By Kenneth Reeds, Department of Foreign Languages
The United States is growing and changing. Mandated by the Constitution, the U.S. Census Bureau is charged with counting the people who live in the country. This began in 1790 when the population was 3,929,326 and has continued every ten years with the most recent survey taken in 2010 showing a population of 308,745,538. Other than demonstrating that our numbers have increased 9.7% since 2000, the 2010 census also revealed that minorities now make up 35% of the country. This changing face was reflected by the fact that Hispanics are the group which most contributed to growth:
The rise in the minority population is due to recent sharp increases in minority births, especially among Hispanics, who accounted for more than half of total U.S. population gains last year. There are now roughly 9 births for every 1 death among Latinos, compared to a roughly one-to-one ratio for whites. (Yen)
This information demonstrates that while we grow, we are also becoming something different. Minorities are increasingly less a minority. This national trend is reflected locally with the Boston Globe reporting that the “Asian and Hispanic populations both climbed 46 percent from a decade ago” in Massachusetts (Schworm and Carroll). It is, of course, natural to assume that this physical transformation of our population also influences the way we sound.
Unfortunately the census did not analyze the languages that we speak. Nevertheless, the Commonwealth Corporation published a report in March 2011 that provides a helpful portrait of the Boston area’s many tongues. Their report indicated that in 2006-2008 “there were 524,451 immigrants, age 16 or older, living in the 80 towns and cities of Greater Boston” (Commonwealth Corp.). This nearly one quarter of the region’s population speaks multiple mother languages with Spanish (112,995 speakers), Portuguese (46,605), Chinese (35,266), and Vietnamese (17,408) being the four most represented. Unfortunately, the same report also indicates that only 5% of the 236,933 immigrants with “Limited English Skills” have access to English for Speakers of Other Languages (ESOL) services. This means that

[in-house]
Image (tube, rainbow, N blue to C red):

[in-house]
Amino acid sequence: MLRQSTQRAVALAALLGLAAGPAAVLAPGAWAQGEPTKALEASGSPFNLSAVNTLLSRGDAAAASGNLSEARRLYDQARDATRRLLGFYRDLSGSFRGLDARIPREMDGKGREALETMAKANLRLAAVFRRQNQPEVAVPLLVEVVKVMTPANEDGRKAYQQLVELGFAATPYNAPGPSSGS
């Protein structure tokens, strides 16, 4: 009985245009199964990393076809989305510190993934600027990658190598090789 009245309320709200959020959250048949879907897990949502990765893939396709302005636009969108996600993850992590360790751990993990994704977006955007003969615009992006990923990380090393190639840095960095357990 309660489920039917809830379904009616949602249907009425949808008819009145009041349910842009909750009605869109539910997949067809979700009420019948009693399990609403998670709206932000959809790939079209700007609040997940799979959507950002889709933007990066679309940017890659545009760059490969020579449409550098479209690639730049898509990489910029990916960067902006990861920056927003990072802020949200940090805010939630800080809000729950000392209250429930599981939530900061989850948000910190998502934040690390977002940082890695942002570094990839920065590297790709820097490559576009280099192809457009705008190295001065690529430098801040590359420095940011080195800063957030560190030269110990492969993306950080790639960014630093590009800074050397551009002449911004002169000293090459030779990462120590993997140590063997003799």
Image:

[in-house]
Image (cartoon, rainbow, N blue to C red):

At any given point, more than 10,000 people are on waiting lists, some for as long as two years, and there are indications that thousands more are not applying for services or may not know they exist. In addition, some 6,000 new immigrants arrive in Greater Boston every year. (Commonwealth Corp.)
These statistics paint a portrait of the Boston area as one which speaks many languages and comes from multiple countries, but that struggles to provide the services that are needed to learn English.
Taking the increase in the minority population in our region together with the dearth of ESOL services emphasizes that our small part of the country reflects national trends. Minority populations and the languages that they speak are less and less ‘foreign’ and are increasingly a part of our national fabric. In fact, the linguistic and cultural knowledge these citizens possess is an invaluable resource. Because of this, the essentialness of providing ESOL opportunities is all the more patent – the more multilingual and pluri-cultural our society the better we relate to our world’s increased interconnectivity. With this in mind, the changing face of our country also means that those of us who are born with English must expand our skills and look to some of the nation’s growing languages in an effort to augment our abilities. We are, after all, a small part of a growing and changing world.
Commonwealth Corporation. Breaking the Language Barrier: A Report on English Language Services in Greater Boston. Boston: The Boston Foundation, 2011. 8 April 2011 .
Schworm, Peter and Matt Carroll. “In census, a decade of growth by state’s minorities.” boston.com. 23 March 2011. 8 April 2011.
Yen, Hope. “U.S. Minority Population Could Be Majority by Mid-Century Census Shows.” huffingtonpost.com. 10 June 2010. 8 April 2011.